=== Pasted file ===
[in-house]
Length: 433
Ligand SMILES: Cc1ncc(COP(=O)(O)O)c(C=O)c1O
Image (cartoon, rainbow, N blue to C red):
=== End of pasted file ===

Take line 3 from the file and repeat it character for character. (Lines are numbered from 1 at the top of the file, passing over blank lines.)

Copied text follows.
Ligand SMILES: Cc1ncc(COP(=O)(O)O)c(C=O)c1O